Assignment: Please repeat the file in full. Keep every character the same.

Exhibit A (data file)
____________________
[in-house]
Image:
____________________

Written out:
[in-house]
Image: